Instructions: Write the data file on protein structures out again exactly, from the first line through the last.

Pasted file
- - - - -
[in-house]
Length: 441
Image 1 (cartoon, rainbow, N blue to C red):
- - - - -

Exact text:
[in-house]
Length: 441
Image 1 (cartoon, rainbow, N blue to C red):